I could not not review this book
I could not let it be forsook
for on this day was Geisel born
that we should not be so forlorn
What would I do without the cat?
Where would I be without the hat?
I do not know, I can not say
I wouldn't want to see that day
For in this book, so short and sweet
is such, for all, a great big treat
The cat of mischief, cat of wise
Cat with gleaming knowing eyes
And of the hat!
What's up with that?
Where did those stripes come from?
Yes I know
Poor grammar, oh,
I'm really not that dum!
I would the world would know the cat
I hope the world will wear the hat
Can such a book be left alone?
Can such a tale be overblown?
I thinkest not, I thought antiquely
For this is writing most uniquely
And such will never come again
To grace the page with such a pen
To give us such unbridled joy
To please and, yes, and to annoy
But in the end to satisfy
With merriment and laughing sigh
For on this day we give our thanks
For treasure that is not in banks
But on the printed page before us
Thank you, oh dear Dr. Seuss!
I wrote this in honour of Theodor Geisel, also known as Dr. Seuss, on the anniversary of his birthday. Using a vocabulary of a mere 223 words, 'The Cat in the Hat' has become a standard children's classic throughout the English-speaking world. I remember as a child delighting at the discovery of rhyming words and what fun they could be, and when coupled with the imaginative drawings and simple yet engaging plot lines, Dr. Seuss became my favourite almost instantly.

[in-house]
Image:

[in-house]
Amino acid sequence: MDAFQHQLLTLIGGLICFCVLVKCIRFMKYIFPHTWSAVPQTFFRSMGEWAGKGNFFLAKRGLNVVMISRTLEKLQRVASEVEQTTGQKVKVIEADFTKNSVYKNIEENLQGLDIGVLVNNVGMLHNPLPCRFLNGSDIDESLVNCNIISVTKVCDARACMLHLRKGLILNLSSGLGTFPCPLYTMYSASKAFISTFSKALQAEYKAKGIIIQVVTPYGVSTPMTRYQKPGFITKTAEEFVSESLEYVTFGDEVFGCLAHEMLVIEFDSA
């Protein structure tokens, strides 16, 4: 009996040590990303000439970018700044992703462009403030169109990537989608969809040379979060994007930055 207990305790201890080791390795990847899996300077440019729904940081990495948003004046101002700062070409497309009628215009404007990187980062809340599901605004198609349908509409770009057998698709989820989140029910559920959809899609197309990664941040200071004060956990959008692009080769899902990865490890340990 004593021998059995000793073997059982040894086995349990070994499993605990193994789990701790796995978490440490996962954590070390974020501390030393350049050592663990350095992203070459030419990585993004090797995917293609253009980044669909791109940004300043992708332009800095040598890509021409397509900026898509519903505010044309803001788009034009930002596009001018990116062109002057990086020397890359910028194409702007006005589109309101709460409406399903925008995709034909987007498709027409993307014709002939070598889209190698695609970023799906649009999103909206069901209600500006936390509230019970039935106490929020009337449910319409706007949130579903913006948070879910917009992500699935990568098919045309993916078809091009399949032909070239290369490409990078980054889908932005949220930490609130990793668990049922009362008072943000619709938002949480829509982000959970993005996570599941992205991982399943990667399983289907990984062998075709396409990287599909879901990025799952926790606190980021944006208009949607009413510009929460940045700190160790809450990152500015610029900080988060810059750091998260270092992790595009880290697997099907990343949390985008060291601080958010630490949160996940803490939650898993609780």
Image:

The plot of 'The Cat in the Hat' is simple yet meaningful. A cat, a perfect creature for exhibiting independence and mischief, is befriended by children who express delight, astonishment, and occasional disapproval of their be-hatted feline. Children learn behaviour in a humourous and touching way by relating to the children.
However, all of Seussian literature was almost not to be. Geisel had literally dozens of rejections for his early works, from publishers who doubted the appeal or the marketability. Fortunately for us, Geisel continued to pursue both writing and publication, which he continued up to the time of his death in 1991. He still had a book on the bestseller list at that time.
Long Live Dr. Seuss!